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The route was a well-traveled part of the Indonesian archipelago; six other aircraft were in the vicinity of Flight 8501 when it disappeared, according to data by Flightradar24, an organization that tracks aircraft.
But Indonesian transport ministry official Djoko Murjatmodjo said the request "could not be approved at that time due to traffic, there was a flight above, and five minutes later [flight QZ8501] disappeared from radar".
The AirAsia plane that went missing with 162 people on board en route for Singapore is likely at the bottom of the sea, Indonesia’s National Search and Rescue Agency chief said on Monday.
“Based on the coordinates given to us and evaluation that the estimated crash position is in the sea, the hypothesis is the plane is at the bottom of the sea,” Mr Bambang Soelistyo told a press conference.
“That’s the preliminary suspicion and it can develop based on the evaluation of the result of our search.”
originally posted by: charlyv
I find it rather amazing that people are grinding Zaphod's gears over this ground speed thing. The ability to keep an aircraft flying is never measured in ground speed. It is the airspeed over the surface of the wings. Zaphod knows this, professional air traffic control people know this. He was trying to make that clear, and I think it was crystal. The person(s) who referenced ground speed in the context of determining if the aircraft was flying to slow was in error of terminology. Cut and dry.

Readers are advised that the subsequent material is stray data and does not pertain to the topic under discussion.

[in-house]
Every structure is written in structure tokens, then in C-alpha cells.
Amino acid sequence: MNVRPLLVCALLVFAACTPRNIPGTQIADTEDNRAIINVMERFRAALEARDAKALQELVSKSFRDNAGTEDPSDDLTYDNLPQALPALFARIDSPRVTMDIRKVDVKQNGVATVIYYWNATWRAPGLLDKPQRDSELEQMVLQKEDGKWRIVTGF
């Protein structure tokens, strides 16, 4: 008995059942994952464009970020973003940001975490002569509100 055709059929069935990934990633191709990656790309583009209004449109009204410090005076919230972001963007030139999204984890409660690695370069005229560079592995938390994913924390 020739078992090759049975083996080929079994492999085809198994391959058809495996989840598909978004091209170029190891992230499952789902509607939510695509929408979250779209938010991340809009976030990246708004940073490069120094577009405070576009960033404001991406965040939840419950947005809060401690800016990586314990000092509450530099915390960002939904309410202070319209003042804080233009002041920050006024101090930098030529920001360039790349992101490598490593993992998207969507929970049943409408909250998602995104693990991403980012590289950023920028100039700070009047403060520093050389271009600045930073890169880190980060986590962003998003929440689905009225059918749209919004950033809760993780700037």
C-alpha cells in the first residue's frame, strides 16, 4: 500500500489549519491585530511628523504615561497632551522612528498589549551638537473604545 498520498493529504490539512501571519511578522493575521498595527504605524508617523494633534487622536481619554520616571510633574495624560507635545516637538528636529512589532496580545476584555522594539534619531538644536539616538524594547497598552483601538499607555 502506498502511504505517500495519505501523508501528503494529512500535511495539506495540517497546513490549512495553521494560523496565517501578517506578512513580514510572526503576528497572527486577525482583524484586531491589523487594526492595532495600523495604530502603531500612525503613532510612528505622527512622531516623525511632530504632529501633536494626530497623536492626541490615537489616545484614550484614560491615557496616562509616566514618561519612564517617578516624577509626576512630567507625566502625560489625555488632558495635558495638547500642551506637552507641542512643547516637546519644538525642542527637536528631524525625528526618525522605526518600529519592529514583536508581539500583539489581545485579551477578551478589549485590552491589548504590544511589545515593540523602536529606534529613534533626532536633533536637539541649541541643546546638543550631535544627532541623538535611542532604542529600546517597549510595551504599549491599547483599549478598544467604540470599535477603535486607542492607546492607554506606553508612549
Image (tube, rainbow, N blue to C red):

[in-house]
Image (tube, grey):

An Indonesian official says objects have been spotted in the sea by an Australian search plane hunting for the missing AirAsia jet.
Jakarta's Air Force base commander Rear Marshal Dwi Putranto said he has been informed that an Australian Orion aircraft had detected suspicious objects near Nangka island, about 160 kilometres southwest of Pangkalan Bun, near central Kalimantan - 1120 kilometres from the location where the plane lost contact.
Earlier in December, the European Aviation Safety Agency (EASA) ordered a change in procedure for all A320 jets after computers onboard a similar A321 aircraft thought it was about to stall and pushed the nose downwards – which is the standard way of preventing an upset – just as pilots were trying to level off after climbing to their intended cruise height.
The incident happened after certain sensors iced up in bad weather. It is thought to be the only one of its kind since the A320 entered service in 1988, but resulted in a special bulletin to operators from Airbus, which was later made compulsory by EASA.
The “suspicious objects” search teams have spotted in the water are near Nangka island off the coast of Malaysia, quite a ways past the plane’s planned destination of Singapore.
originally posted by: AthlonSavage
If they search for the plane as rigorously as MH370 and three months from now find no trace, will people be thinking there is foul play afoot or put it down to coincidence, two mystery disappearances. Im just wondering what peoples thoughts are?